Montreal-based musician and filmmaker Pierce McGarry makes creepy films, but he is not really a creep. McGarry’s style falls somewhere between 'Desperate Teenage Lovedolls' and 'The Hardcore Collection', but with more of an innocent curiosity of sound...
Montreal-based musician and filmmaker Pierce McGarry makes creepy films, but he's not really a creep. McGarry’s style falls somewhere between Desperate Teenage Lovedolls and The Hardcore Collection, but with more of an innocent curiosity of sound, sexuality, and psychedelics, rather than a mature one. The low-fi feel of his music videos and shorts is not by choice, but due to lack of money. Like most “artists” (who live on an “artists” salary), McGarry uses whatever cameras or computers are available to him. He’s worked with everything, including broken equipment and borrowed machines, and he doesn’t really mind. It just adds to his creative process. In short, McGarry is no diva. He’s a bum with a vision and a weird, weird way of executing it.
McGarry just got home from a two-month tour (he plays bass in Mac DeMarco’s band as well as his own project Walter TV) and is back to making videos. We caught up with him on video chat while he was at his neighbor’s house stealing their Internet connection.
VICE: What was the first video you ever made?
Pierce McGary: The first video I ever made was when I was a child. It was with Stretch Armstrong dolls and I broke the camera. It was my dad’s camera from [his] school and I broke it. I got in a lot of trouble.
Why did your dad have a camera for school?
My dad taught religion at a high school. He would bring a camera home so I could fuck around with it. I broke it. I got in a ton of shit.
How did you break it?
I don’t remember. I just broke it. I was a child.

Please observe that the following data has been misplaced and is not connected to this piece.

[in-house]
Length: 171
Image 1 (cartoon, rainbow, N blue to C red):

What was the premise of the Stretch Armstrong plot?
It was a play. It was a diabolical scheme. An enemy verses enemy kind of thing. Man versus nature.
You have made some interesting music videos for Mac DeMarco, White Poppy, White Lung and a few others. What kind of camera do you choose to work with?
I usually just use whatever is available. For “She’s Really All I Need” we had access to fancy cameras because we were filming it at a studio in Concordia [University]. I used a very nice HD camera. But, most of the time I usually use a VHS camera. I’ll go with that. If I can, I'll shoot with film.
What did you use for the White Poppy video?
That was a broken VHS. That’s why it looks so junky. For that video I just thought that the music sounded so gnarly, like, the way it chugs along. It sounded like a bunch of shirtless skinheads pumping their fists. I wanted to have a bunch of people dancing really hardcore and make it gritty. That one was easy to make because I liked the song so much. We filmed it in a railroad crossing in Montreal and then the rest in Vancouver at Crystal [Dorval of White Poppy]’s house.
What is the most important thing for you when constructing a music video?
It has to go with the style of music, but the narrative is not important. It has to be exciting the whole way through or else it's just pointless to me. I like watching my videos way after I'm done with them and if I get excited, then it was a good video.
How do you make it exciting?
Trial and error. I will also watch it a million times when I am editing and if I get bored while watching it, I will delete it and start again.
Do you ever want to go beyond the music video and the borrowed VHS cameras? What do you have up your sleeve these days?
Right now I'm working on a few movies. I just recently shot a television series, but it's not serious, it's a comedy. It’s mostly fake infomercials for made-up, obscure sex products. Then, the real movie I'm working on is about train hoppers. I have new music videos coming out that I made for White Lung and Collage Party [recently signed to Captured Tracks]. There are some more in the works.
Do you make music videos just because you are involved in the music scene and your friends want things for cheap, or do you like it?
I grew up watching MuchMusic and taping my favorite shows, which I am sure you did too. I liked Prodigy’s “Fire Starter," Christina Aguilera's “Dirty,” and Britney’s “I’m A Slave 4 U." I watched those a lot as a young teen. They're fantastic videos. Weezer had some great ones too. I loved “The Sweater Song." I liked “Dope Show” by Marilyn Manson. It made me feel weird.
Don’t you think that since you're in a band you should be documenting your tours so that you can turn it into something later?
That was the plan on this last tour, but I just kind of forgot. Plus, when you film, you're removed from the experience. I’d rather just be living it.